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Poetry and the power of healing

Individuals adopt healing techniques not because they are damaged, but because they allow them to express themselves. We choose a methodology that makes us feel comfortable and meets our requirements. Poetry is one of them, while many others choose reiki therapy, sound healing, expressive arts, or finger tapping techniques. Poetry is popular among artists and creative individuals, even used for its healing capacity.

Many individuals have an instinctive understanding that speech, and poetry in particular, may be therapeutic. We’ve all felt the warmth of calming words. Finding the right words to describe a distressing situation might provide solace. A letter with soft words exchanged between warring friends might help to restore a relationship that was wilting away.

People are frequently driven to create poems in times of adversity. Certain topics are taboo in mainstream society. For example, each of us will die, yet we don’t talk about it. We are all involved in the conversation about disease, death, and dying, whether we are aware of it. Poetry provides us methods to discuss it.

When we communicate, we employ pauses and wording. When we talk, we breathe. When writing poetry, we use punctuation and line breaks. The line breaks assist the reader discover the natural flow of poetry based on voice. Affirmations are frequently used in poetry.

When it comes to contemporary medicine or how your doctor interacts with you while you are undergoing treatment, they employ language embodied in voice as part of their medication. Doctors have encouraged patients to speak and write their truths, whether it was to assist them grasp the consequences of their diagnosis, to guide them through a painful event, or to help them find the words to compose their own stories and poems. At the same time, we all have the opportunity to learn from them. One of the pleasures that doctors have is the ability to be there in our patients’ life while they go through situations that we may not have had to confront ourselves.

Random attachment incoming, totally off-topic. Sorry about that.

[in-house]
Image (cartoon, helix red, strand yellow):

Healing is often assumed to occur at the individual level. However, if healing is viewed as a process that restores us to wholeness, healing can occur not only within the individual patient, but also between patient and family members, between patient and the larger community of which they are a part, and even at the community level. Indeed, healing on several levels is frequently required at the same time.

In many indigenous cultures, disease is considered as the individual becoming out of sync with the community, and in order to treat the individual, their position in the broader order must also be restored. Many West African indigenous cultures use proverbs. In many West African traditional communities, proverbs are passed down orally through poetry. Kykosa Kajangu of the Congo gathered these proverbs and incorporated them into what he calls Wisdom Poetry (personal communication).

When a lady in one African tribe becomes pregnant, the community’s ladies gather in the bush to listen for the new child’s song. When they hear it, they carry it back into the community and perform it in public. When the baby is born, the hymn is sung again. It is repeated again as the youngster undergoes puberty and marriage ceremonies. When the child gets old and dies, the song is repeated. However, it is also performed when a youngster has disobeyed the community, committed a crime, or otherwise fallen out of harmony. People may restore harmony with the world by telling themselves and each other who they are in the grand scheme of things.

Poetry is not dead, how can it be? The definition of “they, you, and I” for death does not apply in poetry.


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